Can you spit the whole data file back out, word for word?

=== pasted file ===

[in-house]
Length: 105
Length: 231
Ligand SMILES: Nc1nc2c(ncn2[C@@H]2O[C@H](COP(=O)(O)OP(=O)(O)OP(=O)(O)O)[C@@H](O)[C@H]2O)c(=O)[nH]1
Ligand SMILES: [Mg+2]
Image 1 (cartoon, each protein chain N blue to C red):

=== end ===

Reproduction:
[in-house]
Length: 105
Length: 231
Ligand SMILES: Nc1nc2c(ncn2[C@@H]2O[C@H](COP(=O)(O)OP(=O)(O)OP(=O)(O)O)[C@@H](O)[C@H]2O)c(=O)[nH]1
Ligand SMILES: [Mg+2]
Image 1 (cartoon, each protein chain N blue to C red):